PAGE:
The Los Angeles Philharmonic was founded in 1919 by Los Angeles multi-millionaire and avid amateur musician William Andrews Clark, Jr. The orchestra's first music director was Walter Henry Rothwell. The next year the Philharmonic moved into The Temple, a church built in 1907 and renamed Philharmonic Auditorium. Despite the name change, the hall remained a place of worship, and the orchestra had to plan its activities around those of the church. The Philharmonic benefited from the attraction that California held for European expatriates; following Rothwell, its music directors were Georg Schnéevoigt (1927-1929), Artur Rodzinski (1929-1933), Otto Klemperer
(1933-1939), Alfred Wallenstein (1943-1956), and Eduard van Beinum
In 1945 Leopold Stokowski
had founded the Hollywood Bowl Symphony
for the summer concerts at the Hollywood Bowl, a striking art deco outdoor concert shell in a lovely natural amphitheater. The Los Angeles Philharmonic soon replaced it as the regular orchestra for this series, becoming a beloved part of the city's public cultural life. In 1962 Zubin Mehta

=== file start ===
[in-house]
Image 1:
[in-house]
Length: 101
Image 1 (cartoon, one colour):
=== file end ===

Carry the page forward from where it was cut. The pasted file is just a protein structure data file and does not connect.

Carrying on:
began his long and productive tenure as music director, which lasted until 1978. He was succeeded by Carlo Maria Giulini
(1978-1984), and in turn by André Previn
(1985-1989). The LA Phil's music director from 1992 to 2009 was Esa-Pekka Salonen
, the exciting young Finnish conductor and composer whose programming was built around the great established classics of the 20th century, new music, and a solid representation of established repertoire. Gustavo Dudamel
assumed leadership of the orchestra in 2009.
In 1964 the LA Phil had moved into a new home, the Dorothy Chandler Music Pavilion in downtown Los Angeles. The hall was shared with the Civic Light Opera Association and other concert and theater companies, a situation that grew uncomfortable and limiting for the Philharmonic. A new permanent home for the orchestra, Walt Disney Hall, featuring a striking design by Frank Gehry and titanium and brushed stainless steel exterior, was inaugurated in October 2003.
The LA Phil gives an annual 30-week winter season. More than 250 concerts are either performed or presented at its two iconic venues: Walt Disney Hall and the Hollywood Bowl. These presentations represent a breadth and depth unrivaled by other orchestras or cultural institutions. With a strong commitment to contemporary music from its earliest days, the Philharmonic remains noted for the extraordinary number and variety of new works it has commissioned.